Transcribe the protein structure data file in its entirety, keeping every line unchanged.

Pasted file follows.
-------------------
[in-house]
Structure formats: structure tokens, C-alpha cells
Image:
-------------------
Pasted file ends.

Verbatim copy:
[in-house]
Structure formats: structure tokens, C-alpha cells
Image: